Gun Control Doesn't Equal Crime Control

DAN GIFFORD

October 27, 1993|By DAN GIFFORD

Los Angeles. -- The latest congressional head count indicates some sort of gun-control legislation is likely to pass. If it does, will we be safer? Not that I can see.

Through gun-control laws, Congress will have strengthened its precedent for curtailing the Bill of Rights on public safety grounds.

Don't see the linkage? Consider the move by Sen. Paul Simon, D-Ill., and others to censor television violence. Last I looked, the First Amendment said ''Congress shall make no law . . . abridging freedom of speech . . .'' But people act-out what they see, goes the argument, so speech as theatrical violence is a public safety hazard.

I'm no fan of guns or TV violence. But every other right against abusive government is vulnerable to the same reasoning. The constitutional right of due process of law is supposed to protect us against a police state, but when vicious criminals are set free on constitutional technicalities, isn't public safety at risk?

As for gun control equaling crime control, that's long been disproved.

Who said this? ''It is commonly hypothesized that much criminal violence, especially homicide, occurs simply because firearms are readily at hand and, thus, that much homicide would not occur were firearms generally less available. There is no persuasive evidence that supports this view.''

The NRA? Hardly. That's the conclusion to the Carter administration's 1981 report on the relationship between firearms and violence. The lead researcher of that report now writes that ''a compelling case for gun control cannot be made.'' Virtually all intellectually honest scholars who have seriously studied the subject agree. Surprised by their findings? So were they.

When the Carter administration funded Tulane sociologist James Wright and Peter Rossi of the University of Massachusetts to review the research on violence and firearms and make policy recommendations, the researchers -- who disliked guns and thought the avail- ability of firearms, especially handguns, was to blame for criminal and domestic violence -- expected to verify the relationship found by Lyndon Johnson's Eisenhower Commission report in 1969. They quickly discovered that work and others to be ''result-oriented.''

Even most Eisenhower Commission researchers have recanted. Ted Gurr now says ''The irony of gun-control proposals is that they would criminalize much of the citizenry but have only marginal effects on criminals.'' Staff criminologist Hans Tuch concludes:''Guns do not elicit aggression in any meaningful way. Quite the contrary, these findings suggest that high saturations of guns inhibit illegal aggression.''

More recently, University of Washington professor Brandon Centerwall confessed in the American Journal of Epidemiology: ''I did not begin this research to exonerate handguns, but there it is -- a negative finding to be sure. . . . If you're surprised by my findings, so am I.''

Ditto for Florida State University criminologist Gary Kleck: ''The U.S. has more violence than other nations for reasons unrelated to its extraordinarily high gun ownership.''

Are there academics with the opposite view? Of course. Law professor Franklin Zimring still holds with the original Eisenhower Commission findings he helped compile. But the research supporting those views is increasingly being recognized within the academic community as flawed.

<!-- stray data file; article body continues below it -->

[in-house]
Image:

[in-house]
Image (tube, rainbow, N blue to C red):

Arthur Kellerman of Emory University continues to churn out studies favoring handgun bans. His latest, claiming homicides are more likely to happen in households with guns, is getting most-favored media attention, but is a joke among researchers who know the subject. Dr. Kellerman concludes there's ''no protective benefit from gun ownership,'' but has factored out successful defensive uses. We aren't even told whether the gun in the home was the one used in the homicide.

In fact, the majority of domestic-violence killings, a St. Louis University study found, occur after numerous police calls for prior incidents and often involve criminal activity. The Chicago Detective Homicide Report for 1992 noted more than 75 percent of those committing homicide have criminal records, while more than 65 percent of their victims had them. Those figures comport with national ones.

So if firearms are not the catalyst for violence, why are so much time and money being wasted trying to restrict or ban them? Journalistic dishonesty is one reason, political demagoguery another. Gun control has become a fetish, an obsessional shibboleth diverting attention from the more unyielding causes of American violence. Those include social policies and societal trends which have institutionalized poverty, the drug culture, deteriorating family structures and the notion that individuals aren't responsible for their actions.

Wouldn't it be better for Sarah Brady and the National Rifle Association to join forces and follow Professor Kleck's suggestion? ''All parties to the crime-control debate would do well to give more concentrated attention to the difficult, but far more relevant, issues like how to generate more good-paying jobs for the underclass, which is at the heart of the violence problem.''

Dan Gifford is a Los Angeles actor-writer and former TV reporter.

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